Within the tradition I study under (Kashmiri Shaivism), it’s common information that as individuals we are all of the same substance as God. We call that highest God Parama-Shiva; a transcendental god consciousness that we cannot even imagine. But being of the same substance as god (Shiva) is not the same as being gods ourselves. We certainly have creative potential beyond our wildest imaginations, but as long as we rest in these human bodies we must also embrace the many limitations that make such existence possible. Time, space, knowledge, longing, and of course, cause and effect are the natural laws that limit us from becoming gods ourselves. So although we may be made of the same stuff as god, we have both a different form and a different function as god.

This doesn’t mean that we cannot perform miracles in defy these limitations in some cases, but generally miracles follow natural laws that we merely don’t understand. Our inner experience may also be very different from our outer experience since our inner experience, being more recognizable as consciousness (as opposed to material) is closer to god than the world of matter in which we perform most of our action. But even that inner experience has various stages of consciousness that we must be aware of. This awareness is perhaps the crux of the issue. We can identify ourselves as narrowly as we like, as long as we are fully aware that it’s a limited identification. We need to be aware of and appreciate all levels of consciousness from the physical, thru the mental to the spiritual. Revulsion is just as much of an attachment as desire. Awareness must permeate all levels of consciousness.

This is why I believe an understanding of the various Tattvas is so important. The tattvas are the elements that represent all the levels of consciousness starting with earth air fire water and ether and culminating to pure consciousness. Our bodies and senses and various levels of conscious experiences are are represented by the tattvas. I suspect that it’s been since the very beginning of mysticism that people began highlighting the importance of understanding the 5 basic elements. Time and time again I read of their importance. Yoga teachers all over the world talk about grounding to the earth element, The doshas and qualities derived by Ayurveda are merely mixtures of the basic elements ( way to break the fives basics down to three). It’s common knowledge that even the most modern scientist will not argue with when we say that we matter is all made up of the basic five elements, but as we move up the chain of elemental metaphysical existence we run into more and more controversy and all we can really rely on is our own experience of things both physical and metaphysical.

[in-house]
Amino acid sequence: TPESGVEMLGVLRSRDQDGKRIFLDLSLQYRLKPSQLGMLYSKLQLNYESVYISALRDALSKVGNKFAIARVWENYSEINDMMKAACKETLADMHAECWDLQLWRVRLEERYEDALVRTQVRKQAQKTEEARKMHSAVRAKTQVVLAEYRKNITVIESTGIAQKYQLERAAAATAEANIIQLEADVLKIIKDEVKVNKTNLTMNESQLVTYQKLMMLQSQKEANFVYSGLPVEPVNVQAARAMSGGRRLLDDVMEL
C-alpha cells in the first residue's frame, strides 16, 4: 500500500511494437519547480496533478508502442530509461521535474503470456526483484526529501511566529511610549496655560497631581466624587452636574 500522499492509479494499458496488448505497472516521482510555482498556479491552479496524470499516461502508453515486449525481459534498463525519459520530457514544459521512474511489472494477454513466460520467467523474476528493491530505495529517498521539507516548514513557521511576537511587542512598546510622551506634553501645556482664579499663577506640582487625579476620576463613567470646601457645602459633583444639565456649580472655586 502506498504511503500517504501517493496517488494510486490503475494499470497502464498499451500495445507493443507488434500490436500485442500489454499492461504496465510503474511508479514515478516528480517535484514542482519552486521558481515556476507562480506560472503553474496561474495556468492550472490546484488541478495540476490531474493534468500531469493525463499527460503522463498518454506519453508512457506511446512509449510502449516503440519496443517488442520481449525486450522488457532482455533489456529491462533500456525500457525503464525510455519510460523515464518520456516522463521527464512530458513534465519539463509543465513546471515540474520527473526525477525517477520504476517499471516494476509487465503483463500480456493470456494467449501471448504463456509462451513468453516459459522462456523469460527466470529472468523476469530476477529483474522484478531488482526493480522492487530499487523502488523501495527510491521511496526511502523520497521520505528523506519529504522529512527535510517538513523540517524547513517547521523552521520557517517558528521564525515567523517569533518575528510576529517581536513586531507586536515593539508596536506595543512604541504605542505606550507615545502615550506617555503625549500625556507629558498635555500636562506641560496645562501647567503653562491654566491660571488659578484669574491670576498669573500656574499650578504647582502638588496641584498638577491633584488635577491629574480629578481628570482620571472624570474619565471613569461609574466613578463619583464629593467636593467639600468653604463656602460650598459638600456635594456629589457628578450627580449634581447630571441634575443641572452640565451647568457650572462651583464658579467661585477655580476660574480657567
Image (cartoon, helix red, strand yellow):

This experiential knowledge is the main way mystics get around the limitations of the senses. Instead of just 5 senses from which to collect information and understanding of the ourselves and the world around us, mystics have elevated a 6th sense to primacy. Tantrics call it Agama knowledge. That 6th sense is not really as out of this world as the reputation that precedes it. The 6th sense is merely experiential knowledge; the knowledge we gather that cannot be readily explained but is undeniably felt and understood thru feeling.

This is the best method of understanding ourselves, who we are and what we want. And it’s the self that we understand in this way that we have to learn to identify with. This is the self beyond limitation, the self beyond the senses and beyond the lower minds. This inexplicable self is the Self that is the same everywhere without distinction. This is the self we want to identify with. This is who we truly are.

Om namah shivaya